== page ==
Mamod steam traction engine

mercurydancer

LE
Book Reviewer
#1
After my parents died, I had to clear the house.

In it I found a Mamod steam traction engine that I was given as a Christmas present many decades ago.

I would love to get it working again.

Are there any little companies that can restore it? Can I do it myself with some advice?
 
#4
After my parents died, I had to clear the house.

In it I found a Mamod steam traction engine that I was given as a Christmas present many decades ago.

I would love to get it working again.

Are there any little companies that can restore it? Can I do it myself with some advice?
Don't know if you've seen The Repair Shop on BBC2, your project sounds very much like their bag. I've certainly seen model steam engines, trains and boats IIRC, restored on there.

At the very least the producers might be able to put you in touch with the relevant people.
 
#5
I have done the same, always replace the safety valve, before firing it up for the first time.
Only a few quid, and it could make all the difference between having a good day or a very bad one.
 
#7
The traction engine and steam lorry plus possibly a roller and stationary engine are in the loft above me now , like the OP only rediscovered the other day but in this case looking for some B Cal uniforms the Mrs knows are in "one of the lofts somewhere " .
 
#8
Kit to refurb Mamod Traction Engine
Very, very simple to re-commission. A New safety valve is probably a good idea. Lubricate all the moving bits fully. Use basic motor oil or get some from Manor Models Toy Steam.
If it uses the fuel tablets, they do go off so you will need some more.



Paint work can be cleaned with Duraglit.

Light it up and enjoy it.

(If it is one that uses the fuel tablets, never store them anywhere near the engine for any length of time as they can cause big corrosion problems as they give off a gas as they absorb moisture and go off.)
 
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mercurydancer

LE
Book Reviewer
#9
Thanks all. I thought it was going to be a tough job, but it sounds simple even for a medic!
 
#12
Gen question - could you use hexi or the newfangled cooking fuel?
No idea about any new fuels but I can't see hexi being a problem.

The only thing to remember is that all the Mamod steam range were designed as toys. When they went from meths to tablets firing it was so that the fuel always ran out before the water in the boiler. If you do use other fuel be aware of this. It is also worth remembering that the models are only soft soldered not silver soldered so there may be a problem If you use other fuel.

They only run at about 12psi and the gauge glass would fail or the seals would give long before you were able to get to a point that the boiler failed.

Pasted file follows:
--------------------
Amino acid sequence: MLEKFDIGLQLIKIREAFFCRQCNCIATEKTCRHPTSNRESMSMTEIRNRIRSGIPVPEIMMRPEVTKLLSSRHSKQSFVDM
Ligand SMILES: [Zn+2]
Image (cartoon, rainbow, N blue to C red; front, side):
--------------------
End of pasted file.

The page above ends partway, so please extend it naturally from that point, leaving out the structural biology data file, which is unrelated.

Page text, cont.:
#13
I may have to buy myself a piston/cylinder combo for Xmas. Mine never had enough oomph to drive, not even on the kitchen lino. It was even worse after I lubricated it with valve grinding paste. Well, how's an 11 year old supposed to know? - I figured that if it made my brother's car engine run better, it would do wonders for a steam engine.
 
#15
I have done the same, always replace the safety valve, before firing it up for the first time.
Only a few quid, and it could make all the difference between having a good day or a very bad one.
Make sure the safety valve isn't gummed up with sealing wax either... my father bought a second hand one for me when I was a kid. Paraffin is bit smoky, but got a decent head of steam up, and she went like a rocket. That is, until the safety valve tore out of the boiler and went up like a rocket.
Forensic examination of the recovered parts revealed the safety valve to blocked with sealing wax...obviously the previous owner wanted a few more psi...
 
#16
I've been looking for a cheap static engine model for a while now as a teaching aid - however due to where I'll be using it I'll have to run it from a hidden electric motor. Even ruined ones are bloody expensive these days. I am therefore extremely jealous
 
#18
I've been looking for a cheap static engine model for a while now as a teaching aid - however due to where I'll be using it I'll have to run it from a hidden electric motor. Even ruined ones are bloody expensive these days. I am therefore extremely jealous
You can run these sort of things on compressed air with out much bother. I have done this in the past when exhibiting slightly larger steam engines.

The other option as a teaching aid is the Airfix kit of a beam engine which can be motorised and demonstrates the principles well enough. There are also some wooden models out there for engines.
 
#19
Remember that the meths is for putting in the tray to heat the boiler.
There's an old joke about an alkie who tries to buy some meths at a hardware store, insisting it was for a model steam engine. The shop assistant wasn't convinced but after a while agreed to sell the alkie a bottle of meths and took one down from the shelf for him.

"Erm, I don't suppose you've got a cold one in the fridge?" asked the alkie... :)
 
#20
You can run these sort of things on compressed air with out much bother. I have done this in the past when exhibiting slightly larger steam engines.

The other option as a teaching aid is the Airfix kit of a beam engine which can be motorised and demonstrates the principles well enough. There are also some wooden models out there for engines.
I've looked at a few different things, basically, it's to help explain using our maintenance software to non-engineering staff. Machine running all right, machine stops. or runs slow, kind of thing. currently, I'm using one of these
MAD Kits - The MAD Museum
 

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